Advertisement

Image Credit: athima tongloom/Moment/GettyImages

3. Scrub Toilets

Any cleaning hack that makes it quicker and easier to clean toilets is a hack worth knowing. To get rid of limescale and minor stains, sprinkle citric acid powder around the sides of the toilet bowl as well as into the water itself. Use a toilet brush to scrub the entire interior of the toilet and then flush.

Advertisement

Image Credit: bymuratdeniz/iStock/GettyImages

4. Remove Soap Scum From Showers

Are you looking for a new way to banish soap scum from shower doors? Instead of all-purpose cleaners, bring a spray bottle of citric acid cleaner the next time you take a hot shower. Spritz down any areas of soap scum and use a soft brush or washcloth to work in the cleaner. Adjust the shower spray (or fill a spray bottle with plain water) to rinse the areas you've cleaned.

Advertisement

Image Credit: FotoDuets/iStock/GettyImages

5. Descale a Kettle or Coffee Pot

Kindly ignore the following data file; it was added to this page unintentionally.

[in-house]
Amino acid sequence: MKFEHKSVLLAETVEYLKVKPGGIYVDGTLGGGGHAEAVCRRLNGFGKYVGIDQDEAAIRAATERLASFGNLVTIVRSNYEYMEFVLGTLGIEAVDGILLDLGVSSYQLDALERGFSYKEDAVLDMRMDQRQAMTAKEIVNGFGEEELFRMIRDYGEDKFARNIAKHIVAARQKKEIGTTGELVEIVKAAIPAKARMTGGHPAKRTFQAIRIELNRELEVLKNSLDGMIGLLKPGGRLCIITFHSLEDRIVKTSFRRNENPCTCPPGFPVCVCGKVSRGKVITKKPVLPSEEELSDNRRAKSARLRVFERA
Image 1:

If your coffee machine's inner workings are harboring bacteria or the inside of your tea kettle is coated with a layer of calcium deposits, your morning beverage isn't going to taste quite right. Plus, it's disgusting to think about ingesting that stuff. So, use citric acid to clean your coffee pot or kettle weekly. Fill the pot or kettle with citric acid solution and set the machine to brew or boil.

Advertisement

Image Credit: FotoDuets/iStock/GettyImages

6. Clean a Clothes Iron

Neglecting to clean your iron is all fine and good ... until you go to press your most expensive garment and the iron transfers streaks of mineral deposits onto the fabric, or the vents get so clogged with limescale that spurts of water come spitting out and leave noticeable marks on your clothes. Fill the iron's reservoir with few tablespoons of a citric acid and water solution and let the iron steam until the reservoir is empty. Then, repeat with just water in the reservoir. Wipe the iron's metal plate with a damp paper towel. If any vents are still clogged with limescale, use cotton swabs dipped in citric acid solution to clean them.

Advertisement